Iraq's Deepening Political Crisis – Days After the U.S. Withdrawal

The last U.S. convoy crossed the Iraqi/Kuwait border at sunrise on Sunday.   Iraqi Prime Minister Nouri al-Maliki, a Shi’a Muslim, didn’t waste any time, issuing an arrest warrant for Vice President Tariq al-Hashemi, a Sunni, accusing him of terrorism. Earlier Maliki called for a no-confidence motion against another Sunni politician, Deputy Prime Minister Salem al-Mutlag.

Tariq al-Hashemi is accused of terrorism, based on confessions of three bodyguards who claimed they had planted bombs targeting Iraqi government and security officials.   While Hashemi could not be reached for comment, Mutlag in an interview with “Voice of America” called Maliki a dictator and urged the United States to revisit its Iraq policy.

Hashemi and Mutlag are leaders of Iraq’s Sunni Iraqiya political block, part of a coalition with the Iraqi government .  The Iraqiya block walked out of Parliament on Saturday, accusing Malaki of seizing power.

As the last U.S. troops left Iraq, ending the war in Iraq, Sunni citizen were celebrating the end of the  occupation in Fallujah, burning U.S. flags.  President Obama during his speech at Fort Bragg, NC,  marking the end of the Iraq war, said that the end of the Iraq war means the future of Iraq is in the hands of the Iraqi people.

Senior military commanders wanted 20-40,000 troops to remain in Iraq to ensure stability in the country.   The United States would or could not negotiate a treaty that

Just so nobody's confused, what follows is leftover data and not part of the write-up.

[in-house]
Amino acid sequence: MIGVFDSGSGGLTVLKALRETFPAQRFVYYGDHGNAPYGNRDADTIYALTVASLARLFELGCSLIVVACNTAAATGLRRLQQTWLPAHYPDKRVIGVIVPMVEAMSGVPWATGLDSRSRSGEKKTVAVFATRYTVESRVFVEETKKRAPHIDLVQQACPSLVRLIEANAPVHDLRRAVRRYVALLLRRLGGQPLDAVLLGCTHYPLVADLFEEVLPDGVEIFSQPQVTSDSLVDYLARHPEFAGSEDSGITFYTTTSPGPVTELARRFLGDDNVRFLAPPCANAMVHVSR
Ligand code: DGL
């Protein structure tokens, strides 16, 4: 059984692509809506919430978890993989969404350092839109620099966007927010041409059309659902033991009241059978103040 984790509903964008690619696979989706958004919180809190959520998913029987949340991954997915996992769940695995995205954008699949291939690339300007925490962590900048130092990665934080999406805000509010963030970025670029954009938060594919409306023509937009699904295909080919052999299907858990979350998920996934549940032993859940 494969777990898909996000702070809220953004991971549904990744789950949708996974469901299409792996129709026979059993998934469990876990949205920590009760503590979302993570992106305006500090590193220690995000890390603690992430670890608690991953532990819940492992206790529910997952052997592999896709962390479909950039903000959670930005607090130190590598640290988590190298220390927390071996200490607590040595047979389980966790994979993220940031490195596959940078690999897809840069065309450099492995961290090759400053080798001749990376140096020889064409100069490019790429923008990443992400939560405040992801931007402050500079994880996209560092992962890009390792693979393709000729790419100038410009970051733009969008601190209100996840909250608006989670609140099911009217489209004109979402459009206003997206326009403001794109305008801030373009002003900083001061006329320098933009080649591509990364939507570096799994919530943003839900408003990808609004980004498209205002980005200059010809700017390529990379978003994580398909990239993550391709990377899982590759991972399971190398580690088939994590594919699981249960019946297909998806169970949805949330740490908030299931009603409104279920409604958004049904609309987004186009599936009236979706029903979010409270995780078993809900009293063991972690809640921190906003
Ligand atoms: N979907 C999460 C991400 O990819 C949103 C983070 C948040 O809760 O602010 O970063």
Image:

would have exempted U.S. troops from being tried by Iraqi law.  Critics maintain that a little effort by the Administration could have produced such a treaty.

Commanding General Lloyd Austin and his staff, including the colors, arrived back from Iraq this morning.  President Obama and Vice President Biden were in attendance.  The President handed out presidential coins to the returning troops.

The United States paid a high price for the war with close to 4500 soldiers killed in Iraq, while 32,000 were wounded in action.  Close to $1 Trillion were spend on the war.

The region is volatile, especially with the Iran’s intend to produce a nuclear weapon.  Iraq also borders on Syria and Turkey.  U.S. military commanders contend that enough U.S. troops are in the region to respond to a crisis.

About the Author

Karl Gotthardt - Politisite Managing Editor Maj. Gotthardt is a Retired Military Officer with 35 years service in the Canadian Armed Forces. He spent most of his time in the Military in Infantry Battalions. Karl took part in training for Afghanistan as an Operator Analyst with the Canadian Maneouvre Training Centre. Karl is a qualified military parachutist and military free fall parachutist. He earned his U.S. Master Jump Wings in Fort Benning, Georgia. Karl enjoys working with horses for the last 24 year. He owns six. He has experience in breeding, training and of course riding.Karl was born in Germany and is fluent in both English and German and he speaks enough French to "get in trouble". Karl has written or writes at NowPublic, All Voices, Tek Journalism and many others.

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